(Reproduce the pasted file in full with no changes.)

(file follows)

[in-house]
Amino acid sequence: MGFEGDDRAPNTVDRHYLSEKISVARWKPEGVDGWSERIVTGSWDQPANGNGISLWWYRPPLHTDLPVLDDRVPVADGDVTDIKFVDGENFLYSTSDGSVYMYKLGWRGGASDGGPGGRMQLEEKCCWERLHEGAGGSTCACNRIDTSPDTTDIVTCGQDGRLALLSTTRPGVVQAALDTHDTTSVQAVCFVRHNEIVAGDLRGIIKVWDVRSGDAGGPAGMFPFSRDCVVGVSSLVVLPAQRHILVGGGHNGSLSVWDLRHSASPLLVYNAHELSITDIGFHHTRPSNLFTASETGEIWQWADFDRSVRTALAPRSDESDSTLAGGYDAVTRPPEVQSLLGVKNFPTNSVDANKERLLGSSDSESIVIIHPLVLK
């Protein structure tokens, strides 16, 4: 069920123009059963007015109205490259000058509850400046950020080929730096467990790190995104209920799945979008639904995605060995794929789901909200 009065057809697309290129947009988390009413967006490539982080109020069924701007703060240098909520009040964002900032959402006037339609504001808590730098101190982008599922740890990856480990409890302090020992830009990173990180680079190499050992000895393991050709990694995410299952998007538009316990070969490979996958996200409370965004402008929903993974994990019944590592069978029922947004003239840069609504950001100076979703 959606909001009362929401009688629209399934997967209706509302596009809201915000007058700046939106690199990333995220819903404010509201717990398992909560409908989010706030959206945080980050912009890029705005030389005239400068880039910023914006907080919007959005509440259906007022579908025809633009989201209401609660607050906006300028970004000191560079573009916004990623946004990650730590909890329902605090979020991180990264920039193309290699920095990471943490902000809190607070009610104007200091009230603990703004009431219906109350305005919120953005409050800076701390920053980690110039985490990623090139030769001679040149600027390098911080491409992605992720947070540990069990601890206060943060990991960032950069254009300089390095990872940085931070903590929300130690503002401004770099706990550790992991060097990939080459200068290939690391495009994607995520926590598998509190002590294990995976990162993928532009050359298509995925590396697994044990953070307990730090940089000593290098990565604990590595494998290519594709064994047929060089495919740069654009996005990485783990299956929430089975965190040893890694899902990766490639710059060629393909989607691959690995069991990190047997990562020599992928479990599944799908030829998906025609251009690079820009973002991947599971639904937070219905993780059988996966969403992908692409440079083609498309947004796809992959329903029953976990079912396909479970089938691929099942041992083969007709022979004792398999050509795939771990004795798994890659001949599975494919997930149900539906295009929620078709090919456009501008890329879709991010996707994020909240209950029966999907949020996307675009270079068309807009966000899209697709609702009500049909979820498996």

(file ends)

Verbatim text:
[in-house]
Amino acid sequence: MGFEGDDRAPNTVDRHYLSEKISVARWKPEGVDGWSERIVTGSWDQPANGNGISLWWYRPPLHTDLPVLDDRVPVADGDVTDIKFVDGENFLYSTSDGSVYMYKLGWRGGASDGGPGGRMQLEEKCCWERLHEGAGGSTCACNRIDTSPDTTDIVTCGQDGRLALLSTTRPGVVQAALDTHDTTSVQAVCFVRHNEIVAGDLRGIIKVWDVRSGDAGGPAGMFPFSRDCVVGVSSLVVLPAQRHILVGGGHNGSLSVWDLRHSASPLLVYNAHELSITDIGFHHTRPSNLFTASETGEIWQWADFDRSVRTALAPRSDESDSTLAGGYDAVTRPPEVQSLLGVKNFPTNSVDANKERLLGSSDSESIVIIHPLVLK
């Protein structure tokens, strides 16, 4: 069920123009059963007015109205490259000058509850400046950020080929730096467990790190995104209920799945979008639904995605060995794929789901909200 009065057809697309290129947009988390009413967006490539982080109020069924701007703060240098909520009040964002900032959402006037339609504001808590730098101190982008599922740890990856480990409890302090020992830009990173990180680079190499050992000895393991050709990694995410299952998007538009316990070969490979996958996200409370965004402008929903993974994990019944590592069978029922947004003239840069609504950001100076979703 959606909001009362929401009688629209399934997967209706509302596009809201915000007058700046939106690199990333995220819903404010509201717990398992909560409908989010706030959206945080980050912009890029705005030389005239400068880039910023914006907080919007959005509440259906007022579908025809633009989201209401609660607050906006300028970004000191560079573009916004990623946004990650730590909890329902605090979020991180990264920039193309290699920095990471943490902000809190607070009610104007200091009230603990703004009431219906109350305005919120953005409050800076701390920053980690110039985490990623090139030769001679040149600027390098911080491409992605992720947070540990069990601890206060943060990991960032950069254009300089390095990872940085931070903590929300130690503002401004770099706990550790992991060097990939080459200068290939690391495009994607995520926590598998509190002590294990995976990162993928532009050359298509995925590396697994044990953070307990730090940089000593290098990565604990590595494998290519594709064994047929060089495919740069654009996005990485783990299956929430089975965190040893890694899902990766490639710059060629393909989607691959690995069991990190047997990562020599992928479990599944799908030829998906025609251009690079820009973002991947599971639904937070219905993780059988996966969403992908692409440079083609498309947004796809992959329903029953976990079912396909479970089938691929099942041992083969007709022979004792398999050509795939771990004795798994890659001949599975494919997930149900539906295009929620078709090919456009501008890329879709991010996707994020909240209950029966999907949020996307675009270079068309807009966000899209697709609702009500049909979820498996």